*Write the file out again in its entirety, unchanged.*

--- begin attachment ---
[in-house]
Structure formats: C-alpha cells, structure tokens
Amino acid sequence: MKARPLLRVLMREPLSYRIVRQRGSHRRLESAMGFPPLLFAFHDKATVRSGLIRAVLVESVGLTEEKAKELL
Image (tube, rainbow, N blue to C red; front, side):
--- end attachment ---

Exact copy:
[in-house]
Structure formats: C-alpha cells, structure tokens
Amino acid sequence: MKARPLLRVLMREPLSYRIVRQRGSHRRLESAMGFPPLLFAFHDKATVRSGLIRAVLVESVGLTEEKAKELL
Image (tube, rainbow, N blue to C red; front, side):